The tandem of Bowman and Quenneville remains strong and their future looks bright.

Young Offensive Stars on the Horizon

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    Nam Y. Huh/Associated Press

    The Blackhawks have two young offensive players who are ready to make a major contribution in the immediate future.

    Brandon Saad is already doing just that. The 21-year-old is about to complete his second regular season, and he has shown star potential with 19 goals and 25 assists to go with a plus-29 rating. While that stat is not always reliable, Saad has the second-best rating on the team behind Brent Seabrook (plus-30).

    Saad has speed, a hard shot and the guts to go in the hard areas to make plays. However, the big difference between this year and a solid rookie season is that he has learned where and how to position himself in both the offensive and defensive zones. He has remarkable instincts and should only get better.

    He will likely be joined by Finnish future star Teuvo Teravainen before the end of the regular season. The Blackhawks are likely to call up their 2012 first-round draft choice and give him an opportunity to show what he can do.

    Even if the Blackhawks decide not to use Teravainen this season, he appears to be a star of the future because of his speed, quickness, balance and the ability to make big plays.

Strong and Youthful Core

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    Frederick Breedon/Associated Press

    It seems like the core members of the Chicago Blackhawks have been playing together forever.

    Not quite. Jonathan Toews and Patrick Kane were rookies in 2007-08 when both players were 19. This is their seventh full season together and with two Stanley Cups under their collective belts, the two players will certainly have the chance to accomplish more, since they are only 25.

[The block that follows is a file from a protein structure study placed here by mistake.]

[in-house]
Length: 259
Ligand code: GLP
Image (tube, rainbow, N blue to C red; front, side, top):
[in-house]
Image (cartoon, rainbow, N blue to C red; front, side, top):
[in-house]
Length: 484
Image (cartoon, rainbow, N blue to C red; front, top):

It's not just the Kane and Toews show. Duncan Keith, 30, Brent Seabrook, 28, and Patrick Sharp, 32, are all young enough to remain major contributors for years. All three have long-term contracts that will keep them with the Blackhawks through at least the 2016-17 season.

    Toews and Kane both have deals through the 2014-15 seasons. Look for Bowman to address this situation quickly, possibly before the start of the 2014-15 season.

Blue-Line Promise

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    Adam Clendening
    Adam ClendeningAssociated Press

    The Blackhawks have one of the most talented defensive crews in the NHL, as they are led by Keith, Seabrook, Johnny Oduya and Niklas Hjalmarsson.

    It doesn't stop there for Chicago—the next generation also appears to be quite talented. The Blackhawks acquired David Rundblad from the Phoenix Coyotes and they have Adam Clendening at their Rockford farm team in the American Hockey League.

    Clendening, 21, is a right-shot defenseman with a penchant for getting involved in the attack. He has scored eight goals and added 41 assists in 62 games. Clendening is not huge at 5'11" and 190 pounds, but he has good offensive instincts and knows when to jump into the play. An added dose of intensity would serve his game well.

    Rundblad, 21, is a left-handed shooter and like Clendening, his offensive game is more advanced than his defense. However, he is a swift skater who makes excellent decisions with the puck and also has a strong, low shot from the point. 

    Clendening and Rundblad may be given a solid chance to make the Blackhawks next season.